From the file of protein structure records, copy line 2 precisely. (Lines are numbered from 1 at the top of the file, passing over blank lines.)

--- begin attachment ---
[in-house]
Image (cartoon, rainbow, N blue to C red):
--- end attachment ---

Image (cartoon, rainbow, N blue to C red):